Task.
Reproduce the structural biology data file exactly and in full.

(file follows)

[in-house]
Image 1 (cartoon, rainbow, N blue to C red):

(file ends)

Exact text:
[in-house]
Image 1 (cartoon, rainbow, N blue to C red):